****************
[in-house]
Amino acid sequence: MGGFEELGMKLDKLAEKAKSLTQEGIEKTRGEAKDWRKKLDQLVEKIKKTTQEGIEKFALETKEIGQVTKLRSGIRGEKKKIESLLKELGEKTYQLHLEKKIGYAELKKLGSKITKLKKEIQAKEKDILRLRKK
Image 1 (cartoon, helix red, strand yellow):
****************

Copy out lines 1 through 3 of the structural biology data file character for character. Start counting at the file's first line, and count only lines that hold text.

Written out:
[in-house]
Amino acid sequence: MGGFEELGMKLDKLAEKAKSLTQEGIEKTRGEAKDWRKKLDQLVEKIKKTTQEGIEKFALETKEIGQVTKLRSGIRGEKKKIESLLKELGEKTYQLHLEKKIGYAELKKLGSKITKLKKEIQAKEKDILRLRKK
Image 1 (cartoon, helix red, strand yellow):